In the life of an English major there are many times he or she feels they find a “golden book.”  This book will be neither perfect, nor will it be the best writing they’ll ever see. But it speaks to their heart. I have had the great pleasure of finding several of these books in my short seventeen years of reading. Some are well-known, others sadly ignored or forgotten. Most are years, if not decades, old. I often feel alone in the academic world, surrounded by a wall of books for friends while others look in sadly, knowing they will never see this world of mine. I return the sad look, as much for their ignorance as my own: they have their own book fortresses that I will never be able to trespass. But at least their fortresses often share common walls – my fellow majors are neighbors so to speak. I am the back yard neighbor, barely sharing a border with them that includes the few modern and popular books I care for and texts books that we all have read.

But now I feel somehow less alone. My borders are shared with a kindred spirit. I respect writers at varying levels, and the highest level of respect has, heretofore, only been obtained by two: Thurber and Juster. These are the men who shaped my childhood spirit, the stories that have carried me through most of my life. And now they are joined by another, an author still alive and vibrant in both writing and physical state. Rick Riordan. I have no knowledge of this man’s adult literature, other than it’s one of the most highly awarded series in the mystery genre, but I know his series for children. Five golden books. Five books that make me feel less alone, less despondent. I feel like I have a friend on the other side of my fortress, not just a neighbor.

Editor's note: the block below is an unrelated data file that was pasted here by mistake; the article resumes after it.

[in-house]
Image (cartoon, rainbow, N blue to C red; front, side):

Riordan’s books serve a different purpose than those authors who came before him. Thurber stands for intelligence and whimsy. Juster serves as wit and love of learning. Riordan – intelligent, whimsical, witty, and lifelong student he may be – exists for hope. In the fifth book of his series, he speaks of the fragility and beauty of Elpis, the Spirit of Hope. He’s not wrong about how fragile Hope is, the one thing that will not leave the human race unless bidden. In my field, there is much competition for far too few jobs, underpaying ones at that. English majors have much to fear, going into the world. I, especially, feel this pressure, because I am no student of the classics, no great genius of criticism. I will never be a gentle, much less inspiring teacher, and I am far too boisterous to be a librarian. No, I am a child and the literature I read corresponds to this nature. I suppose this is partially because my childhood was so short – mental disease will do that to a person, among many other causes for abbreviated childhoods – and also because I have never felt like I was growing up. My body, brain, and everything important developed. But the spirit inside me did not. I am still a wandering child. And this makes my place in the adult world harder to comprehend, much less achieve. But Riordan has made a living of the things I love best: mythology and writing. He is contributing to the next great age of children’s literature that is coming upon us, that is already here in some ways. And this gives me hope. This lonely hillock I live on may yet be opened to others, the children of the generation that is rising. I feel like my life, the life of a whimsical child, might just be accepted in an adult world, now that I have seen it come to life elsewhere.

Someday I will be a grandmother on this lonely hill – hopefully less lonely by then. A child with gray hair and the spunk that can only come with age. That day appeals in many ways, so long as companions are near. For now, though, I am here. And I have my books to curl up with, leading me into a world that just might have a place for me after all.